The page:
In his defense, he pleaded, “For God’s sake, Keri, this isn’t a capital offense.”
“Not a capital offense?” she fired back, her voice shrill. “How can you not see them for what they are?”
“They’re little girls,” he declared.
“No, no, no, these are not just two little girls. These are perfect twins. They see the world through the same eyes, hear it through the same ears, and smell it through the same nose.”
He shook his head, smiling but concerned. I looked at Haylee. Was Mother right? To anyone watching us, it did look as if we liked the same foods, the same flavor of ice cream, the same candy. It was true that when we were very young, anything one of us liked, the other did, too, and anything one of us hated, the other hated. Maybe we felt we were supposed to or we would lose our mystical powers. Nevertheless, Mother was shocked Daddy didn’t realize that.
“I think you’re exaggerating,” Daddy told her.
“Exaggerating? Are you in the same house, Mason? Do you see your own children?” she asked him in what, even as a young girl, I thought was a terribly condescending tone. She sounded more like she did when she chastised us.
Mother also had a habit of smacking her right fist against her right thigh when she started her responses to things that upset her this much. Sometimes, she did it so hard that both Haylee and I would flinch as if we felt the blows. After one of her more dramatic outbursts, I saw her thigh when she was getting ready to take a shower. It had a bright red circle where she had pounded it. Later it turned black-and-blue, and when Daddy mentioned it, she said, “It’s your fault, Mason. You might as well have struck me there yourself.”
Finally, Daddy always managed to stammer an excuse, but he still couldn’t ever get away with “I’ll buy the other one something tomorrow.” Whatever it was that he had bought one of us and not the other, it was gone that day, no matter what he had promised. Sometimes he would take it back and have his secretary return it to the store, but most times, after Mother had destroyed it or thrown it out, he would go back when he could and buy two this time, so he could give both of us whatever it was he thought one of us had wanted. He never looked happy about it. That satisfied Mother, though, and brought what Daddy called “a fragile armistice where we tiptoed on a floor of eggshells.” We were all smiles again. Our pounding hearts relaxed and the electric sizzle in the air disappeared, for a while anyway.
In our house, stings, burns, and aches ran around just behind the walls and just under the floors like termites. Haylee and I were in the center of continuous little tornadoes. Sometimes I thought Haylee did things deliberately so she could see these storms brew between Daddy and Mother. It was one of the differences I sensed early between us. Haylee had an impish delight in causing little explosions between our parents.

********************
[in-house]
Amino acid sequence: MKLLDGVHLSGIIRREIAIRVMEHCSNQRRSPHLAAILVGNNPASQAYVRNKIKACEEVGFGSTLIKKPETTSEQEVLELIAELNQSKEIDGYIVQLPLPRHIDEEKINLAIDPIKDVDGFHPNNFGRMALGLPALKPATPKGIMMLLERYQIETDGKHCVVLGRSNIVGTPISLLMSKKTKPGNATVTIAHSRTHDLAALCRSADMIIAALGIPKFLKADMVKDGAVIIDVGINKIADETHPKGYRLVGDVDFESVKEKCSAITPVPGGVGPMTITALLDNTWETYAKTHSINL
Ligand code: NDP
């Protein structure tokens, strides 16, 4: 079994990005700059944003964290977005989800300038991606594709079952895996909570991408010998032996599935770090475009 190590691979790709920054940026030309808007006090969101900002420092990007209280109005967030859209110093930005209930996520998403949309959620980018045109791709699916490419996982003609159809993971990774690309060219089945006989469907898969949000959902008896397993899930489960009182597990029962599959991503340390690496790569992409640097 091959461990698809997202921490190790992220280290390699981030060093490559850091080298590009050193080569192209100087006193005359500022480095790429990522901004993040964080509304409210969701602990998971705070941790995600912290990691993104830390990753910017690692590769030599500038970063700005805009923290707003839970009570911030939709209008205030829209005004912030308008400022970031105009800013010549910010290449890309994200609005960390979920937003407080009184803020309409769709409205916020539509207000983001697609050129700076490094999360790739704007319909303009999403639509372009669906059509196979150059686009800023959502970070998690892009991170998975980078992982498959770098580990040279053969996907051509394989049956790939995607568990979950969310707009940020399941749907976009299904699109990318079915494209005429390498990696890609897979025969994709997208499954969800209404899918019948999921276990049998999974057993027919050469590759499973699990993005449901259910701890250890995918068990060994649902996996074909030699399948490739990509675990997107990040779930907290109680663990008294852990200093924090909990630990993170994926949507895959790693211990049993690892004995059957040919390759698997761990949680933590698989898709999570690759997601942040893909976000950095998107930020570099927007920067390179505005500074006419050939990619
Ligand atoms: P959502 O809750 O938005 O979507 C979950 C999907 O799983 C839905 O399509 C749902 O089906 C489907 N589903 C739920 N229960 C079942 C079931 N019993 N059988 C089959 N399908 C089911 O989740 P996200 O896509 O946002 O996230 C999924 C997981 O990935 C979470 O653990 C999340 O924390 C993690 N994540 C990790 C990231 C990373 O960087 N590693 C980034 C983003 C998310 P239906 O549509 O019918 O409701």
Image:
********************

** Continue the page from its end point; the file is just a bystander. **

But she was far from the main cause of it all in the beginning. It wasn’t difficult to understand why this turmoil was happening around Haylee and me. In our mother’s mind, a minute after we were born, all thoughts about one of us had to be about the two of us simultaneously. She claimed it was practically blasphemous to do otherwise, because the biggest danger for any parent of identical twins was that somehow, some way, he or she would favor one over the other and destroy the confidence of the one not favored.
It was one thing to praise one of your children because he or she had done something spectacular. Everyone knew stories about fathers who favored one son over another because he was a hero on the football field or got good grades. The same was true for a daughter who might please her mother more by being more responsible, being talented in music or art, or maybe just being prettier.
But none of this could apply to identical twins, not in our mother’s way of thinking.
According to Mother, Haylee had no talents that I didn’t have, and I had none that she didn’t have. Certainly, neither of us could be prettier than the other. Our voices were so similar that people never knew which one had answered the phone. Even Daddy was confused sometimes when he called. There was always a question mark in the air first. “Haylee? Kaylee?”
When we were a little older, Haylee often pretended to be me on the phone. I think she worried that Daddy liked me more and wanted to see how he would speak if he thought I was the one answering the phone. I suspected he did like me more than he liked her, and she knew it. Once she said, “If he doesn’t know which one of us it is, he’ll say your name because he hopes it’s you.” I didn’t know if she was right. I didn’t keep as close a count as she did.